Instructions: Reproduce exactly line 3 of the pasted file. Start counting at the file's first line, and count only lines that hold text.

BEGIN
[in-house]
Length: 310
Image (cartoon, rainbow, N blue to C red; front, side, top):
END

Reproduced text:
Image (cartoon, rainbow, N blue to C red; front, side, top):